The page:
40 per cent of game buyers have purchased a game on impulse in the last six months, according to a new Canadian study conducted by The NPD Group. These impulse purchases, it speculates, are attributable to creative packaging, online accessibility and a rise in the availability of low cost pre-owned games.
The large percentage of shoppers buying on impulse coincides with a rise in used games, which has flourished during the recession to be worth USD 65 million in sales.
"Clearly gamers are becoming much less reluctant to spend on games," said Matthew Tattle, group manager of The NPD Group. "One would think it is a little unusual to see impulse purchases during a recession but it's clear that hardcore gamers will find a way to satisfy their need for something new, different and enjoyable."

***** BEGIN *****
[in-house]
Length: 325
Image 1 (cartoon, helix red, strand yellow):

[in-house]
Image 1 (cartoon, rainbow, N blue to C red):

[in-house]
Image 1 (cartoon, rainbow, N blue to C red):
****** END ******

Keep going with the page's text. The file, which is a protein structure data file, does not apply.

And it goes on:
The majority of impulse buyers selected low price as the primary driver behind their purchases with the average spend totalling USD 27.19 compared to USD 42.97 for planned purchases.
Packaging and merchandising were also key factors, with 40 per cent saying game packaging - either images or the game's description - was very or extremely important to them, and 25 per cent indicating in-store demonstrations of the game swayed them into buying.
Additionally, the study, entitled The Canadian Video Game Purchase Process, found that females were more likely to buy on impulse than males, and that 15 per cent of the impulse purchases were made through online transactions.